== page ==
Kenya and Malawi on Thursday signed a number of collaborative arrangements meant to cement what their respective leaders called “intricate fraternal bonds,” and secure prosperity.
And after a 3rd Kenya-Malawi Joint Permanent Commission (JPCC-3), the two sides signed memoranda of understanding on defence, political and diplomatic consultations, health, tourism, cooperatives, training, fisheries development as well as aquaculture.
The JPCC has been an arena where both country’s diplomats negotiate, caucus or discuss issues of mutual interest. This third meeting came on Thursday, on the final day of President Lazarus Chakwera’s state visit to Kenya.
President Uhuru Kenyatta told a joint press briefing in Nairobi that the signing of the MoU reflects areas that both countries must work on in the spirit of developing Africa.
“The signing of the eight instruments of cooperation heralds a new dawn in the Kenya-Malawi bilateral relations that will, without doubt, be dominated by years of success and progress,” President Kenyatta said.
“Through the years, Kenya and Malawi have maintained a strong bond of friendship that has seen the two countries collaborate in initiatives aimed at securing the prosperity of our peoples,” he added.
The two sides vowed to finalise deals on forestry management, ICT, police service training, protection of investments and avoidance of double taxation, urban development and youth development “so as to fully unlock the potential of our bilateral ties for the benefit of the Citizens of our two Republics.”
The eight instruments will not be specific for now and both sides will have to negotiate further bilateral agreements that will provide timelines, costs, scale as well as routine. But it marks a significant step towards a framework for cooperation, diplomats told Nation.africa on Thursday.
One area of cooperation the two leaders are targeting is prevention of cross-border crimes and exportation of violent extremism, which is currently being partly blamed as the cause of the insurgency in Mozambique, Malawi’s neighbour.
President Chakwera is the current chairman of the southern Africa bloc, SADC, while President Kenyatta is the chairman of the East African Community. The two leaders vowed to cooperate between blocs, as well as finalise discussions on the future of cooperation between SADC, EAC and the Africa Union.
“As each other’s keeper, we have to ensure the guns become silent beyond our borders and across Africa. Peace and stability are irreplaceable cornerstones that grant countries a firm foundation to a robust and strong economy,” President Kenyatta said, referring to a policy vision by the African Union, which is overdue.
“It behooves us to maintain focus on strengthening of our strategic partnerships to enhance our competitiveness. As our countries work to enhance our bilateral and multilateral cooperation, Kenya is committed to working with Malawi in the realisation of the EAC-COMESA-SADC Free Trade Areas as well the Africa Continental Free Trade Area (AfCFTA),” he added.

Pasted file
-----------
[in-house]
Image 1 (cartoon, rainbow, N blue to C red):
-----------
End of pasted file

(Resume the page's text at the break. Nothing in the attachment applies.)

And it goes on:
Visiting Malawian President Lazarus Chakwera had earlier on said the ties between the two countries is “no accident”.
Speaking during this year’s Mashujaa Day celebrations in Mwea, Kirinyaga County on Wednesday, Dr Chakwera said both countries were bonded by a common enemy, similar struggles and identical visions.
“For me visiting Kenya is proof of our brotherhood and unity,” he said, adding that “it is my prayer that Kenyans and Malawians maintain togetherness, to build the economies of our countries, to support one another, maintain peace in our countries and Africa.”
Dr Chakwera, a cleric before joining politics, ventured into his signature pulpit poetry, saying the ties between the two countries did not just emerge from the blue but was a vision by their respective forefathers.
“Today, Kenya’s joy is Malawi’s joy. For us, the struggle for independence in Kenya and Malawi is one of the things that binds us together. The struggle for independence in Kenya and Malawi was led by patriots who sacrificed their freedoms to safeguard ours.”
Both Kenya and Malawi were colonised by the British, whom Chakwera referred to as a “common oppressor” and they gained their independence almost at the same time in the early 1960s. Kenya got its independence on December 12, 1963, and had it declared a republic on December 12, 1964. Malawi got its independence on July 6, 1964
Malawi’s first President Hastings Kamuzu Banda had initially been Prime Minister before he became a full head of state, just as Kenya’s Jomo Kenyatta. The two leaders would name roads in their respective countries after each other. Malawi’s three biggest cities have main roads named after Jomo Kenyatta.
“All this is because the founders of my nation wanted to make it clear for generations to come that those celebrated as heroes in Kenya’s struggle for independence are celebrated as heroes in Malawi,” he said.
“The bottom line is this: Whatever path you take to trace the history of independence in Kenya and Malawi, one fact is clear and indisputable that the fight for independence in Kenya and Malawi did not just take place simultaneously, it also took place symbiotically.”
Dr Chakwera became the second Malawian President to address a public celebration in Kenya under the administration of President Uhuru Kenyatta. But Banda had visited Kenya earlier in October 1967, and returned to Kenya several times later, before he died in 1994.